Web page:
When Bradman set his feet on the island nation

When Bradman set his feet on the island nation

Sara Oval's historic moment

When Bradman set his feet on the island nation

Many countries would have doled out the red carpet for the late Sir Donald Bradman, the batting great who played only in his home nation and England. Sri Lanka, the only other country where he played a game, surprisingly had only 20 yards to offer!

It’s common knowledge that the pitch is 22 yards in length but when the greatest batsmen ever led an Australian side to the P Sara Oval in 1948 en route to England, the Tamil Union Cricket and Athletic Club (TUCAC) prepared a 20-yard surface. The Aussie great, who retired with a mind-boggling average of 99.94 in a 52-Test career, was certainly not amused but by the time it was rectified during lunch he was already cooling his heels in the dressing room.

“Donald Bradman played here in 1948,” recollected CTA Schaffter, former president of TUCAC. “That was the invincible team. We were told that was the only time he played in Asia. Another unusual thing was Bradman found the wicket to be only 20 yards. They then measured it and rectified it after lunch. Sadly, he was out by then!”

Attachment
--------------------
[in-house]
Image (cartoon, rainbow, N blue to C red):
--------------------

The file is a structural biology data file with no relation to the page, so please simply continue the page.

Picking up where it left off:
While Bradman stepping foot is indeed a moment of great pride for P Sara Oval, the ground shares a special bond with the Sri Lankans. For the longest of time, this was the only ground with proper facilities in the country and when it gained Test status in 1982 the very first match was played here. This was also the venue where the island nation registered its first Test victory, against India in 1985.

Deeply involved in running that memorable match against England, the 85-year-old said he’s mighty delighted at the club’s contribution towards the growth of Sri Lankan cricket. “We put up a stand that could accommodate 5000 people in just six weeks. We had to build tiers and accommodate huge crowd. It was the beginning of TV and they insisted we televise the match, which meant we would be losing some crowd. We got some undertaking from the board that if they televise the game, we would be compensated. It was very interesting running the game because that was the first game we played when we gained Test status. It meant a lot for us. It was a just reward for all the contribution we had done for Sri Lankan cricket.”

The historical ground bearing a vintage look came up in 1945.